Ideal weather conditions this season allowed blueberry farmers in southeast Georgia to produce their best crop since 2016, according to University of Georgia Cooperative Extension Agent Renee Allen.Farmers like Albert Wildes agree.“In 2017 and 2018 we had a couple of late freezes, and 2017 was devastating. The 2018 season was not as bad as 2017, but it was still bad. We had better yields in 2019,” said Wildes, who farms about 50 acres in Alma, Georgia.According to Allen, who specializes in commercial blueberry, yields are expected to exceed the 2017 crop that produced 28.1 million pounds and the 2018 crop that yielded 54 million pounds. The 2019 yields are still being calculated.The lack of freezing temperatures — anything below 32 degrees Fahrenheit — had a positive impact on the 2019 season for blueberry farmers, she said.“We had a good crop load this year,” said Allen. “We did have some frost and freeze-type temperatures, but they were borderline and specific, so not as drastic as ones we have had the previous two years.”Georgia farmers apply frost protection, including overhead irrigation, when they anticipate freezing weather. After a freeze, applying plant growth regulators to protect the fruit is the only option. But frost protection is not 100% effective.Georgia’s blueberry crop is vulnerable when the weather warms in February. This happened in 2018 when plants started to bloom and, ultimately, succumbed to freezing temperatures in early March. Blueberries thrive when they produce in the spring and are not hindered by the weather.In 2014, Georgia produced 95 million pounds of blueberries. This propelled Georgia to place as the No. 1 blueberry producer in the country. This year’s crop yields have farmers believing Georgia can once again produce similar results. “As a farmer, you’re always optimistic. Farmers are eternal optimists. [They] have to look forward to next year,” said Wildes.Growers are hoping for more postharvest rain during the fall but are using irrigation to keep the crop from being harmed by the current drought.For more information about Georgia blueberries, visit t.uga.edu/5iA or UGA’s blueberry blog at site.caes.uga.edu/blueberry.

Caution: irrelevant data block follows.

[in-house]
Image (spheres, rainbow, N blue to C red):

The Vermont Chamber of Commerce cordially invites you to our Annual Meeting, scheduled for September 12, 2002, at the Cortina Inn inKillington. The keynote luncheon speaker is Dr. Daniel Fogel, President of the University of Vermont.The Vermont Chamber recognizes that higher education is a critical element in the development of a strong economic future for Vermont. Dr. Fogel stated, “The University of Vermont is an institution in which the peopleof Vermont ought to take enormous pride. They are getting a very, very high return on their investment.” Founded in 1791, the University ofVermont is the largest educational institution in the state, with nearly 300 buildings and a 425-acre main campus.Please join us to welcome Dr. Fogel as he engages the audience in a discussion about the importance and future direction of the University ofVermont, sharing his vision for Vermont and the University. The Annual Meeting is open to the public. We invite you to take advantage of thisopportunity to meet other Vermont business owners as well as members of the Vermont Chamber Board of Directors.Please contact Karen Pallas at the Vermont Chamber of Commerce by September 5 for registration information or to receive a brochure(802-223-3443, [email protected](link sends e-mail)).